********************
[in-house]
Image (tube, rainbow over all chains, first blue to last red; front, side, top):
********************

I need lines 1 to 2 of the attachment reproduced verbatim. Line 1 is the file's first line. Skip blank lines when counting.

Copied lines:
[in-house]
Image (tube, rainbow over all chains, first blue to last red; front, side, top):